The aim of this paper is to contribute to a growing body of research into initiating planning by identifying and critically evaluating the means through which the entrenched values of an organizational culture can impede its ability to initiate planning. This article provides a review of literature which describes how existing research has concentrated on the identification and analysis of potential problems during plan generation and execution. After a brief discussion of the research methodology, the findings from interviews with managers from a case company are presented. The study finds that six entrenched values appear to have impeded the initiation of planning within the company. These are: reactiveness; management activities and practice; compartmentalisation; short-term cost orientation; internal focus; and stability. The paper culminates within a series of conclusions and implications which lead to the development of an agenda for executives.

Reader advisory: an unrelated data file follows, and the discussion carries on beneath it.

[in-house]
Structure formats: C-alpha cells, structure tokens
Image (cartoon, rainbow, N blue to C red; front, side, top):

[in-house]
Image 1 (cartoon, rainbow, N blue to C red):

ASJC Scopus subject areas
- Geography, Planning and Development
- Strategy and Management